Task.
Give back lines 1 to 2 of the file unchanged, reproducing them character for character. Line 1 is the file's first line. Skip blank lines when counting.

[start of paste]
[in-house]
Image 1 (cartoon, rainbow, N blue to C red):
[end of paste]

[in-house]
Image 1 (cartoon, rainbow, N blue to C red):